The process of this invention can be conducted under substantially isobaric conditions; however, if it is desired to provide a PSA which meets the volatility requirements of ASTM E-595 in an economical manner, it appears necessary to vary the fluid pressure in a periodic manner while the fluid is in contact with the PSA. In this periodic manner the pressure of the fluid is varied about a desired pressure such as, for example, 2000 psig. Typically, the rate of pressure increase is less than the rate of pressure decrease and there is no extended period of constant fluid pressure. This manner of controlling the fluid pressure increases the amount and rate of removal of volatile fractions from the PSA being processed. While not limiting the present invention by any particular theory we believe that this manner of varying the fluid pressure has a mechanical effect on the cured PSA which results in a convective flow of the working fluid within the PSA. Accordingly, the pressure can be increased and decreased over a pressure range of, for example, at least about 100 psig in a sinusodial manner, square wave manner, saw-tooth wave manner or any combination thereof, over a period of, for example, from 5 minutes to 1 hour per cycle. One or more cycles can be used, as desired.
The process of contacting a PSA with a fluid in or near its supercritical state is conducted in a suitable pressure vessel, using any effective means such as passing the fluid over the surfaces of the cured PSA, for effecting contact of the fluid with the PSA. The fluid can be passed through the pressure vessel, and over the surface of the PSA, in a unidirectional manner for the entire contacting period or in a bidirectional manner wherein the fluid is passed in one direction for a portion of the contacting period and in a direction substantially opposite to the previous direction for another portion of the contacting period or in a manner comprising one or more periods of unidirectional flow interspersed with one or more periods of bidirectional flow. It has been found that, with large surfaces of PSA, a down-stream gradient of properties of the extracted PSA is obtained when the unidirectional extraction process is stopped short of equilibrium. To solve this problem a bidirectional flow of fluid is recommended.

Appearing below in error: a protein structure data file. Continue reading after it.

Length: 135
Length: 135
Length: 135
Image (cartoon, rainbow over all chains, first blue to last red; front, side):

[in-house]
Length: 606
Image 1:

The volume of fluid, and its flow rate, are not critical and can be selected as desired. Typically, the larger the mass of fluid per mass of PSA, the quicker and larger the removal of volatile fractions.
After the fluid has contacted the PSA for the desired length of time it is separated from the PSA such as by removing it from the pressure vessel by known means and releasing it from its supercritical state by reducing its pressure sufficiently. The volatile fractions dissolved in the fluid can be recovered and the fluid reused, if desired.
For any particular PSA the volatile fraction that is removed from the PSA by the process of this invention will vary in molecular weight and in composition, depending upon the conditions used in the SCFE process. Typically, the recovered volatile fraction comprises the lower-molecular weight components of the PSA. For SPSAs the Mn of the recovered volatile fraction typically falls within the range of from 800-1000, more frequently 850-950.
After the fluid has been separated the PSA is removed from the pressure vessel and, preferably after having been allowed to vent dissolved fluid, typically is then adhered, durably or releasably, to a substrate such as a release liner or a backing.
The present invention further relates to a pressure sensitive adhesive having a reduced volatile fraction content that has been produced by the process of this invention. The process of the present invention can be practiced in any manner and with any PSA as long as the volatile fraction content of the PSA is reduced by the process.
The PSA of this invention is conveniently prepared by adhering a PSA to a substrate and applying the process of this invention to the combination of the substrate and the PSA. When the process of this invention is practiced with this combination so as to provide a PSA having a TML of less that 1 percent by weight and a CVCM of less than 0.1 percent by weight, as delineated above, an article of this invention is obtained. Alternatively, an article that has been prepared by the process of this invention, but does not comprise a PSA having a TML content of less than 1 percent and/or CVCM content of less than 0.1 percent, is an article of this invention if it is not available by a known process.